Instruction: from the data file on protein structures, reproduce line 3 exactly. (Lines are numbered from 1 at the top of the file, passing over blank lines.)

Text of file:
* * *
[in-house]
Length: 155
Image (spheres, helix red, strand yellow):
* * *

Image (spheres, helix red, strand yellow):